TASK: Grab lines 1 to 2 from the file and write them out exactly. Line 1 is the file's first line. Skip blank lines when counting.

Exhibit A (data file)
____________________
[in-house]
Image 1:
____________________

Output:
[in-house]
Image 1: